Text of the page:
Novel energy source has its ups and downs

Guest Contributor
June 15, 2022

By Dr. Julian Hunt, PhD

Dr. Julian Hunt, PhD, is a Research Scholar at the Energy, Climate, and Environment Program at the International Institute for Applied Systems Analysis, and lead author of the study on Lift Energy Storage Technology. 

What if Canada could turn its high-rise buildings into giant “gravity batteries,” to improve energy efficiency in buildings and help the country achieve its carbon-neutral future?

Researchers at the International Institute for Applied Systems Analysis (IIASA), headquartered in Vienna, Austria, have conceived a gravity-based system that would use elevators in high-rise buildings to generate and store electricity.

Every day, a significant amount of energy is wasted in the transportation of people and items up and down buildings. Companies have focused on reducing these energy losses by developing elevators with “regenerative braking systems.”

This technology captures the energy generated by the elevator’s motor, transforming mechanical power into electrical power that can be used in the building or supplied to the electrical grid.

For example, all 68 of the elevators in the Empire State Building in New York City have regenerative braking systems.

Researchers at IIASA, in a study published in the journal Energy, propose a gravity-based system, called Lift Energy Storage Technology (LEST), that would use existing elevators with regenerative braking systems in high-rise buildings.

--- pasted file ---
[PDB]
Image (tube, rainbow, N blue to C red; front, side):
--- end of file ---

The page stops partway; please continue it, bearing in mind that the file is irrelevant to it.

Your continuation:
LEST links two energy storage sites, one at the bottom of a tall building (e.g. garage, lower floors or corridors), and the other at the top of the same building (roof, upper floor apartments or corridors).

LEST involves storing energy by transporting storage containers, filled with wet sand and other high-density materials, in existing elevators in the building, from the lower container storage site to the upper storage site. Regenerative braking systems, which are most effective when carrying a heavy load, would then generate electricity by lowering the storage containers from the upper to the lower storage site.

Our research at IIASA shows there are more than 18 million elevators (exact numbers differ) in operation globally, and many of these sit idle for a significant amount of time.  In the U.S. and Canada there are an estimated one million elevators.

A great deal of research has been published on “horizontal” mobility, including transit networks such as roads, according to Dr. Stephen Graham, PhD, professor of cities and society at Newcastle University in the U.K. However, researchers have “almost completely neglected the cultural geographies and politics of vertical transportation,” he wrote in an article in the Theory, Culture & Society journal.

In “vertical cities” such as Hong Kong, Graham pointed out, residents “travel almost as far vertically using elevators as they do horizontally by foot, bus or subway.”

Capital expenditure for LEST technology is cheaper than lithium-ion batteries

The energy consumed by elevators is typically two to five per cent of a building’s total power consumption, according to reports. During peak operational times, however, elevators may consume up to 50 per cent of the building’s electricity demand.

With LEST technology, the loading and unloading of the containers into the elevator is performed by autonomous trailer robots that retrieve the containers from either the lower or upper storage site. The robots, equipped with visual sensors to avoid hitting people, enter the elevator, move up or down, leave the elevator, and deposit the container in the other storage site (upper or lower, respectively).